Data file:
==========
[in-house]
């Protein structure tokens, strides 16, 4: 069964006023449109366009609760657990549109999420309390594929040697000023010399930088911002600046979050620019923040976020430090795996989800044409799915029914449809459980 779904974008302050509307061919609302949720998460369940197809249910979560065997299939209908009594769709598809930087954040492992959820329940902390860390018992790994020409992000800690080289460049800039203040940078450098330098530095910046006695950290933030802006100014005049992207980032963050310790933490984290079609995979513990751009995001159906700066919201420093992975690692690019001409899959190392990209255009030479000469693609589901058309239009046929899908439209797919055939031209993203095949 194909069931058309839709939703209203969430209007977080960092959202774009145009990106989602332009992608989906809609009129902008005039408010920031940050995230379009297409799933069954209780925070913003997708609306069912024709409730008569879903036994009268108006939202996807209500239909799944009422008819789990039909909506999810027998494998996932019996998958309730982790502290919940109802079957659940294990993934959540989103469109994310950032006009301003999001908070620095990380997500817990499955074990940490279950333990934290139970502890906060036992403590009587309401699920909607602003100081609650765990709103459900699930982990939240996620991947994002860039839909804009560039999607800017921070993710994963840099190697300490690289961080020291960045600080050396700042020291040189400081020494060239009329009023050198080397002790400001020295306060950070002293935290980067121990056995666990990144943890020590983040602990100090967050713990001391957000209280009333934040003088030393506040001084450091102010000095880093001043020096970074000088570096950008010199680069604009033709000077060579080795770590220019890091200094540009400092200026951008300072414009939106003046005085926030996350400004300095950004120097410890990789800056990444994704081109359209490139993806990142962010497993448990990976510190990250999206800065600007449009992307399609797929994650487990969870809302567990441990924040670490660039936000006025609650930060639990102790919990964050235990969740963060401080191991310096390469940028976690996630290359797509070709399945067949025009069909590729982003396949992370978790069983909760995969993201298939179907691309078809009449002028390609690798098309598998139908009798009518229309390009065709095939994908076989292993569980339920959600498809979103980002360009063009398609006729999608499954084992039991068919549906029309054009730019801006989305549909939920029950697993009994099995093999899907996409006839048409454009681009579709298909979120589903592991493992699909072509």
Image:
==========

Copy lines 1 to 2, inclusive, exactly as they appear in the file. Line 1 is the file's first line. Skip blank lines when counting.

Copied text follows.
[in-house]
């Protein structure tokens, strides 16, 4: 069964006023449109366009609760657990549109999420309390594929040697000023010399930088911002600046979050620019923040976020430090795996989800044409799915029914449809459980 779904974008302050509307061919609302949720998460369940197809249910979560065997299939209908009594769709598809930087954040492992959820329940902390860390018992790994020409992000800690080289460049800039203040940078450098330098530095910046006695950290933030802006100014005049992207980032963050310790933490984290079609995979513990751009995001159906700066919201420093992975690692690019001409899959190392990209255009030479000469693609589901058309239009046929899908439209797919055939031209993203095949 194909069931058309839709939703209203969430209007977080960092959202774009145009990106989602332009992608989906809609009129902008005039408010920031940050995230379009297409799933069954209780925070913003997708609306069912024709409730008569879903036994009268108006939202996807209500239909799944009422008819789990039909909506999810027998494998996932019996998958309730982790502290919940109802079957659940294990993934959540989103469109994310950032006009301003999001908070620095990380997500817990499955074990940490279950333990934290139970502890906060036992403590009587309401699920909607602003100081609650765990709103459900699930982990939240996620991947994002860039839909804009560039999607800017921070993710994963840099190697300490690289961080020291960045600080050396700042020291040189400081020494060239009329009023050198080397002790400001020295306060950070002293935290980067121990056995666990990144943890020590983040602990100090967050713990001391957000209280009333934040003088030393506040001084450091102010000095880093001043020096970074000088570096950008010199680069604009033709000077060579080795770590220019890091200094540009400092200026951008300072414009939106003046005085926030996350400004300095950004120097410890990789800056990444994704081109359209490139993806990142962010497993448990990976510190990250999206800065600007449009992307399609797929994650487990969870809302567990441990924040670490660039936000006025609650930060639990102790919990964050235990969740963060401080191991310096390469940028976690996630290359797509070709399945067949025009069909590729982003396949992370978790069983909760995969993201298939179907691309078809009449002028390609690798098309598998139908009798009518229309390009065709095939994908076989292993569980339920959600498809979103980002360009063009398609006729999608499954084992039991068919549906029309054009730019801006989305549909939920029950697993009994099995093999899907996409006839048409454009681009579709298909979120589903592991493992699909072509």